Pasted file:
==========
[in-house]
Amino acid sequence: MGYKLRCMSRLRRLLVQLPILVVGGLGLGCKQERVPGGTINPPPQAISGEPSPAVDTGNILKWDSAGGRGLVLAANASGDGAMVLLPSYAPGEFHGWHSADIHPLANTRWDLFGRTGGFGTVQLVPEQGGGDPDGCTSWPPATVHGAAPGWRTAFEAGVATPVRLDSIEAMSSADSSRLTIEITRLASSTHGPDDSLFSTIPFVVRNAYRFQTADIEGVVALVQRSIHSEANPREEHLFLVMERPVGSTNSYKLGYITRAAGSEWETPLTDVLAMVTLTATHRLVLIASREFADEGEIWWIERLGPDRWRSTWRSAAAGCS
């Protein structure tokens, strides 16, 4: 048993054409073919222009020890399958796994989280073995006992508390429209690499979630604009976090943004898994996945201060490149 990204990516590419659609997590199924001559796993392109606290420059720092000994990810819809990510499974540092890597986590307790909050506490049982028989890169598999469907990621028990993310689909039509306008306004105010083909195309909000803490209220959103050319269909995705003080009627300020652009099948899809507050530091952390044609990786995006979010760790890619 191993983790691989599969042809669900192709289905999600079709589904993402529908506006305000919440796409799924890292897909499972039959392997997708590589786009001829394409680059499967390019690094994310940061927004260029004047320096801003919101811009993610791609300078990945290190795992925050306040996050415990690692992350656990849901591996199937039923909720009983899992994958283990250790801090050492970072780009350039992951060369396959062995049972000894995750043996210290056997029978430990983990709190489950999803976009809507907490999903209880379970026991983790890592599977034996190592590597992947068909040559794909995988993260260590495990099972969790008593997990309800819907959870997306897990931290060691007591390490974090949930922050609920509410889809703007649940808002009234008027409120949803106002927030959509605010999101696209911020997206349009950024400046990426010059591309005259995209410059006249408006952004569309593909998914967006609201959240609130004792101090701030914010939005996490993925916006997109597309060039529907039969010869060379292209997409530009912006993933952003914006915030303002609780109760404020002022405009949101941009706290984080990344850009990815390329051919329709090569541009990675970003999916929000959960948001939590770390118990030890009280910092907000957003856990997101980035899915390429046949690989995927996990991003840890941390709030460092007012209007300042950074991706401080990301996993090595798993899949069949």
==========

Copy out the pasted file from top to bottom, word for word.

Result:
[in-house]
Amino acid sequence: MGYKLRCMSRLRRLLVQLPILVVGGLGLGCKQERVPGGTINPPPQAISGEPSPAVDTGNILKWDSAGGRGLVLAANASGDGAMVLLPSYAPGEFHGWHSADIHPLANTRWDLFGRTGGFGTVQLVPEQGGGDPDGCTSWPPATVHGAAPGWRTAFEAGVATPVRLDSIEAMSSADSSRLTIEITRLASSTHGPDDSLFSTIPFVVRNAYRFQTADIEGVVALVQRSIHSEANPREEHLFLVMERPVGSTNSYKLGYITRAAGSEWETPLTDVLAMVTLTATHRLVLIASREFADEGEIWWIERLGPDRWRSTWRSAAAGCS
């Protein structure tokens, strides 16, 4: 048993054409073919222009020890399958796994989280073995006992508390429209690499979630604009976090943004898994996945201060490149 990204990516590419659609997590199924001559796993392109606290420059720092000994990810819809990510499974540092890597986590307790909050506490049982028989890169598999469907990621028990993310689909039509306008306004105010083909195309909000803490209220959103050319269909995705003080009627300020652009099948899809507050530091952390044609990786995006979010760790890619 191993983790691989599969042809669900192709289905999600079709589904993402529908506006305000919440796409799924890292897909499972039959392997997708590589786009001829394409680059499967390019690094994310940061927004260029004047320096801003919101811009993610791609300078990945290190795992925050306040996050415990690692992350656990849901591996199937039923909720009983899992994958283990250790801090050492970072780009350039992951060369396959062995049972000894995750043996210290056997029978430990983990709190489950999803976009809507907490999903209880379970026991983790890592599977034996190592590597992947068909040559794909995988993260260590495990099972969790008593997990309800819907959870997306897990931290060691007591390490974090949930922050609920509410889809703007649940808002009234008027409120949803106002927030959509605010999101696209911020997206349009950024400046990426010059591309005259995209410059006249408006952004569309593909998914967006609201959240609130004792101090701030914010939005996490993925916006997109597309060039529907039969010869060379292209997409530009912006993933952003914006915030303002609780109760404020002022405009949101941009706290984080990344850009990815390329051919329709090569541009990675970003999916929000959960948001939590770390118990030890009280910092907000957003856990997101980035899915390429046949690989995927996990991003840890941390709030460092007012209007300042950074991706401080990301996993090595798993899949069949």